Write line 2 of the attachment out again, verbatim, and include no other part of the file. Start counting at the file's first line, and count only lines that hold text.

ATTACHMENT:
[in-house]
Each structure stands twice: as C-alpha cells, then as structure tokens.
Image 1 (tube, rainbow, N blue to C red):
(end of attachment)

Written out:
Each structure stands twice: as C-alpha cells, then as structure tokens.